2. the administration (i.e. the Prime Minister and the Cabinet or the equivalent thereof), which is what is removed and replaced when “the government collapses”;
  3. the government side of the Parliament (as in “government and opposition” or “government benches”).

What RickJay said: it sounds more drastic than it is, although it is important. Sort of like “dissolution of Parliament,” though less routine.

To add to the fun: [ol][li]Belgium’s current government is essentially a caretaker government, trying to keep things functioning while the political parties, split on linguistic/ethnic lines, try to come up with a way out of the current crisis, ANDAccording to the Belgian constitution, the PM just can’t quit. King Albert has to accept his resignation. Dude has tried to resign once and the King told him Get back in there, you big coward. Who knows if he’ll accept it this time.[/ol]It’s amusing to watch from a safe distance but I do feel for my Belgian friends. [/li]
As has already been mentioned, Belgium has recently gone through a long spell of having no elected government at all. The regional governments (which, surprise surprise, run along linguistic lines) take care of most internal affairs already, so things like schools, hospitals, transportation, and such kept functioning and the ordinary person suffered no hardship.

Yeah, European style parliamentary politics, primer for Americans.
Imagine that all the tiny parties in the US actually got, like, votes and representation and shit. I know, just suspend your disbelief and play along. So the democrats have, say, 30% of the house, and Republicans have 20%, the Greens have 15%, the Rainbow-Unicorn-Freedom party has 15%, the John Birch Party has 10%, Aryan Nations has 10%, Natural Law Party has 10%, and the Reform Party and Libertarians each have 5%. (Does that add up?) Anyway, the Democrats probably get to appoint someone near the top of their list to head things, but neither of the biggest parties can push anything through themselves, so the Democrats and the Greens and the RUFP sort of agree on a number of points so they form a “coalition government”, and on certain things they’re able to drag in the NLP, and they manage to get most things that really need doing done. Suddenly the Democrats piss the Greens off or something-- the stock market tanks and the biggest reigning party gets the blame, or the guy at the head gets embroiled in a scandal that the Greens don’t want to be implicated in, or a war starts that many of the parties don’t support, or the king gets accused of pederasty. Suddenly nothing can get passed, so. . . eventually you dissolve congress and have new elections and see what happens this time.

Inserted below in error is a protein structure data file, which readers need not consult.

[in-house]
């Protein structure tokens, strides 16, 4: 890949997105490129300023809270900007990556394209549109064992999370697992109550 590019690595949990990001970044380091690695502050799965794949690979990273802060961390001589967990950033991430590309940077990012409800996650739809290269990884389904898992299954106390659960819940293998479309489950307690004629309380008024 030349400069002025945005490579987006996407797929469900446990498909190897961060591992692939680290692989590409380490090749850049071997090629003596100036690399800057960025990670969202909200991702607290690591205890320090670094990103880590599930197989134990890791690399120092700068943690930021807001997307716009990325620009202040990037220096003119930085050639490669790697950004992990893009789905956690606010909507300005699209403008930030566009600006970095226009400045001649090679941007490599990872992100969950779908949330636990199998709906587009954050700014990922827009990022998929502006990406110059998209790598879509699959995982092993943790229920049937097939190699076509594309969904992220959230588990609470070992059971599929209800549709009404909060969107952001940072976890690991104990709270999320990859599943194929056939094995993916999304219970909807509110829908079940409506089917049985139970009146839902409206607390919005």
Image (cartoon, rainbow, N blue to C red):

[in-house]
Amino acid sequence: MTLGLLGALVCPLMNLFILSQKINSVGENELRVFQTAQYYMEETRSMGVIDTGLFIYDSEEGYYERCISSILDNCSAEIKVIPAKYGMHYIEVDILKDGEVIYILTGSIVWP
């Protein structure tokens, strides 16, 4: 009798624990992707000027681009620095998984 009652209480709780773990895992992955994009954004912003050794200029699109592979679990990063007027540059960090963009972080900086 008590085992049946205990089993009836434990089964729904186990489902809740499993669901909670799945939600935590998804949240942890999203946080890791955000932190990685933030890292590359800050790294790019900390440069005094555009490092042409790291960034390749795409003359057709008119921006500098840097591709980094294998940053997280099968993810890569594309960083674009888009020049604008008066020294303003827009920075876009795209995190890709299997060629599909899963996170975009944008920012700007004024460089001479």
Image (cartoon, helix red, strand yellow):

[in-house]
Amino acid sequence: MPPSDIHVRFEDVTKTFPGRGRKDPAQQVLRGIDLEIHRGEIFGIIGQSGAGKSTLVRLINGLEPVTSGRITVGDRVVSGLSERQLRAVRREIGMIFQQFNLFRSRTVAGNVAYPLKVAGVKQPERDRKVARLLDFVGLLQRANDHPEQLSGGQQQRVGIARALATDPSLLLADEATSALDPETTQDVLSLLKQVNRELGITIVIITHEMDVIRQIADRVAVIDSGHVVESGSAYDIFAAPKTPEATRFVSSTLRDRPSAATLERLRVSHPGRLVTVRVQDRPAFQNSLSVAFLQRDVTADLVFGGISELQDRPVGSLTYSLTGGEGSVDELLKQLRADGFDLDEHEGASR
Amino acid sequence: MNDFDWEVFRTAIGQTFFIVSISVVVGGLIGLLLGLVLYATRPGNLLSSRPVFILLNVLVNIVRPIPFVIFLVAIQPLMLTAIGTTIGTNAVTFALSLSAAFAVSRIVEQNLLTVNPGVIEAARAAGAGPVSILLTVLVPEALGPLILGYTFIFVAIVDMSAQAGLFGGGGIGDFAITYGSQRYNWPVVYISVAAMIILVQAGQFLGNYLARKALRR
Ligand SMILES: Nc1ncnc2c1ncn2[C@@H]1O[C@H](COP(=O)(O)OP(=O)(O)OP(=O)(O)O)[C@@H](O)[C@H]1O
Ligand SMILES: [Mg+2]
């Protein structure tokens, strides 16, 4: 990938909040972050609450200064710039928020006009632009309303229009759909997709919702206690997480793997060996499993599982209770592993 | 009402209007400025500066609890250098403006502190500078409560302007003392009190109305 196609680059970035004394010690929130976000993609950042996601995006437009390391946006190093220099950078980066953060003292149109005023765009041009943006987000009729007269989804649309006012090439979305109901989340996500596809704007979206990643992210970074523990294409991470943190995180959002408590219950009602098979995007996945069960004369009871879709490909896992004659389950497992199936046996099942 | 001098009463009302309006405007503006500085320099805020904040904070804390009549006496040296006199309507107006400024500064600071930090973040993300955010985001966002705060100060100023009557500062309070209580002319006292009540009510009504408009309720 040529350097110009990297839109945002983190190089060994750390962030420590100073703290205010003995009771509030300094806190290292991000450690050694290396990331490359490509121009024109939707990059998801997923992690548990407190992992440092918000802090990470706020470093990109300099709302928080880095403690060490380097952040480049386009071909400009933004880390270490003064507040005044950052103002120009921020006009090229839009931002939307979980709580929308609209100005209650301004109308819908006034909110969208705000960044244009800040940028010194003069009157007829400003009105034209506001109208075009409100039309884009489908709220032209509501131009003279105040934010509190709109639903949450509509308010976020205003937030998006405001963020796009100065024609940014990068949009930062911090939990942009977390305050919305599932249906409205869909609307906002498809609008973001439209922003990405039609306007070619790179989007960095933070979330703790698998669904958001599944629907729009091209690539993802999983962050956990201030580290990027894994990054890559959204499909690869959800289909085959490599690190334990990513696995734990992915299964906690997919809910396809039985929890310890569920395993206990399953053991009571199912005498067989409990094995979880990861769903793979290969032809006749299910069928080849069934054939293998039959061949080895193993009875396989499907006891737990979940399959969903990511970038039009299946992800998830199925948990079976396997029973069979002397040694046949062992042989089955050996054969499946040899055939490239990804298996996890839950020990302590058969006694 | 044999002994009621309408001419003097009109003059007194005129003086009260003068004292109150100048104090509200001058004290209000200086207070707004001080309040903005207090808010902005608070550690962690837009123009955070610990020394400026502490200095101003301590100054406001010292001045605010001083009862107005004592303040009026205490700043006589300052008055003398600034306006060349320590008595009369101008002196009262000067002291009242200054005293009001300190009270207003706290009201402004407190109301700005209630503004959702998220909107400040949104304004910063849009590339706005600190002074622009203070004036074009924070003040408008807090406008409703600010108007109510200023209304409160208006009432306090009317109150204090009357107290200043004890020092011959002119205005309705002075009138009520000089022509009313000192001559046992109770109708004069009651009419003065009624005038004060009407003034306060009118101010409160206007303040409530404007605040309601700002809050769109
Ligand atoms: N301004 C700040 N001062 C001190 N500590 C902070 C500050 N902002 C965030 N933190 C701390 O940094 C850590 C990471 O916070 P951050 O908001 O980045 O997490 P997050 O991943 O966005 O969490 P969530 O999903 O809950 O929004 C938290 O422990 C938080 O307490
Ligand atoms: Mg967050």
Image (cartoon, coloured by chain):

Make sense?

Yeah, I sometimes wish we (the US) could do that sort of thing…we’d have collapsed the Bush Admin in 2006.

I really hope Monica Bellucci changes underwear more often than Italy changes governments. She would be bypassing grunge and landing smack dab in stank.

Or she could just go commando.

capybara, what you’re describing isn’t parliamentary politics per se, but parliamentary politics under proportional representation. Even if the US ever moved to parliamentary government, its two major entrenched political parties would probably continue ruling things, especially if representatives continue being elected with the current system.

RickJay’s point about the US media not doing a good job of explaining parliamentary government is well-taken. We’ve had a couple of similar threads relating to the recent political events in Canada, with US Dopers thinking, based on media reports, that Canada’s constitutional structure was in peril, and CanaDopers saying, “Nope.”


How Big a Deal is “Suspending Parliament”?

The Canadian PM Dissolves Parliament. Now What?